Got dampness and mold in your home? If so, your household mold could be causing your asthma, or at least making your existing symptoms worse. In fact, the latest research confirms that damp living conditions that contribute to the growth of home mold seem to play a large role in triggering persistent asthma.

Mold and Asthma

While people of all ages may experience the mold and asthma connection, some researchers believe that in particular, children with severe forms of asthma may be able to trace the cause of their condition back to their damp home environment. In fact, a recent study even found that a child's risk factor for asthma is more than doubled when mold exposure exists in the home. And you don't have to see household mold for it to spark respiratory symptoms. Just the smell of home mold seems to be enough to trigger the illness or make it worse.

Further, while experts believe that exposure to mold actually causes asthma, some believe that you must have a predisposition to this condition already in order for household mold to worsen the symptoms. Either way, though, the link between asthma and mold exposure is enough to make people sit up and take notice.

Home Mold Concerns

You can find household mold in a variety of places, but some of the most common spots are basements, kitchens and bathrooms, since these areas tend to be more susceptible to moisture concerns and can serve as breeding grounds for home mold. Mold can also often be found on paper, carpets and wood, as well as on old foods.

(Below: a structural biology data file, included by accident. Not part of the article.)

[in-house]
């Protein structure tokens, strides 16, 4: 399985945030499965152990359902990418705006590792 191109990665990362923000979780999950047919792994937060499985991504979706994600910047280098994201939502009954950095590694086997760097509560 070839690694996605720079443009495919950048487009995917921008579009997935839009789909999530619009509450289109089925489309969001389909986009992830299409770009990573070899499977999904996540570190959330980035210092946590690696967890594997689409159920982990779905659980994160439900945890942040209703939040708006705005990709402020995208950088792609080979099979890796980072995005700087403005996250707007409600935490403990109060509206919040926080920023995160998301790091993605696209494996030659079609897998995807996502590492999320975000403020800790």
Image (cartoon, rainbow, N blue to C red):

Take Control of Household Mold

It is impossible to completely eliminate all mold, but you can take steps to minimize your exposure to it in your home. The most important thing you can do is to take control of damp and high moisture areas to remove your risk of mold and asthma. When home mold already exists, you will need to clean it with detergent or bleach and water to remove it in full, and then allow the area to dry out completely so it won't return.


Some Things You Can Do

If you suspect dampness issues could be a problem in your home, here are some other things you can do to minimize your mold exposure:

  1. Remove carpets and ceiling tiles that have been exposed to water damage and/or mold.
  2. Repair leaky faucets and pipes to eliminate unnecessary moisture in your home.
  3. Monitor the humidity level and make sure it doesn't get above 50 percent or so.
  4. Vent bathrooms and driers to keep humidity low.
  5. Use a dehumidifier in damp areas but be sure to clean and empty the water pan regularly.
  6. Use your air conditioner to keep air dry and allergy-free, and change your filters often.
  7. Use anti-mildew paint in areas that tend to get damp.

Get Expert Help

If you find that your home mold problem is severe and you can't effectively control it on your own, it is important to seek professional help to protect your home and your family's health.